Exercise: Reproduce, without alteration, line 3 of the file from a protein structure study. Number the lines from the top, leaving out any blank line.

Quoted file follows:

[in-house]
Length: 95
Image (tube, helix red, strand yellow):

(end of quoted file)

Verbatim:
Image (tube, helix red, strand yellow):